Another volume of Beauvoir’s correspondence to lay on the shelf beside Letters to Sartre (1991), this time featuring letters written to a most unlikely lover, the American novelist Nelson Algren. It would be hard to imagine two more discrepant writers (or temperaments) than Beauvoir and Algren, but when they met while she was touring the US in 1947, it was love at first sight. Neither knew much about the other when they were introduced in Algren’s beloved Chicago, but before she returned to Paris, they spent two frenzied weeks together in New York, connecting on an intensely visceral level. Beauvoir often referred to him as “my husband.” She wrote to him in English, sometimes berating him for his stubborn refusal to learn French. The letters in this volume offer a view of the existentialist and the French literary elite of the late ’40s and ’50s as Beauvoir gives Algren a Cook’s tour of her daily life. Readers glimpse the torrid political atmosphere in Paris during the Indochina conflict, with Sartre the recipient of death threats, and of the ruffian behavior of such literary lights as Arthur Koestler, depicted by de Beauvoir as belligerently anticommunist when drunk, apologetic but self-absorbed when sober. Felicities are many in this hefty compendium, ranging from Beauvoir’s encounter with “this ridiculous thing which is called Truman Capote” to an encomium on flying (“I think when you are at a high pitch of emotion, it is the only way of traveling which fits with your own heart”). Her occasionally fractured English is not without charm, but too much of the book consists of repetitively girlish affirmations of love that are odd coming from such a writer and thinker. Minimal notes and (apparently) almost no editorial intervention make this a hard slog for all but the most ardent Beauvoirians.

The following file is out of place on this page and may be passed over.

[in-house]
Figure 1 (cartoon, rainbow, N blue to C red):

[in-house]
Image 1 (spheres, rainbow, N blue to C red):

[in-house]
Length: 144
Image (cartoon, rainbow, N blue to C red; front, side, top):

Pub Date: Oct. 1, 1998

ISBN: 1-56584-422-X

Page Count: 576

Publisher: The New Press

Review Posted Online: May 19, 2010

Kirkus Reviews Issue: Sept. 1, 1998



This is not the Nutcracker sweet, as passed on by Tchaikovsky and Marius Petipa. No, this is the original Hoffmann tale of 1816, in which the froth of Christmas revelry occasionally parts to let the dark underside of childhood fantasies and fears peek through. The boundaries between dream and reality fade, just as Godfather Drosselmeier, the Nutcracker's creator, is seen as alternately sinister and jolly. And Italian artist Roberto Innocenti gives an errily realistic air to Marie's dreams, in richly detailed illustrations touched by a mysterious light. A beautiful version of this classic tale, which will captivate adults and children alike. (Nutcracker; $35.00; Oct. 28, 1996; 136 pp.; 0-15-100227-4)

Pub Date: Oct. 28, 1996

ISBN: 0-15-100227-4

Page Count: 136

Publisher: Harcourt

Review Posted Online: May 19, 2010

Kirkus Reviews Issue: Aug. 15, 1996




An extravaganza in Bemelmans' inimitable vein, but written almost dead pan, with sly, amusing, sometimes biting undertones, breaking through. For Bemelmans was "the man who came to cocktails". And his hostess was Lady Mendl (Elsie de Wolfe), arbiter of American decorating taste over a generation. Lady Mendl was an incredible person,- self-made in proper American tradition on the one hand, for she had been haunted by the poverty of her childhood, and the years of struggle up from its ugliness,- until she became synonymous with the exotic, exquisite, worshipper at beauty's whrine. Bemelmans draws a portrait in extremes, through apt descriptions, through hilarious anecdote, through surprisingly sympathetic and understanding bits of appreciation. The scene shifts from Hollywood to the home she loved the best in Versailles. One meets in passing a vast roster of famous figures of the international and artistic set. And always one feels Bemelmans, slightly offstage, observing, recording, commenting, illustrated.

Pub Date: Feb. 23, 1955

ISBN: 0670717797

Page Count: -

Publisher: Viking

Review Posted Online: Oct. 25, 2011

Kirkus Reviews Issue: Feb. 1, 1955

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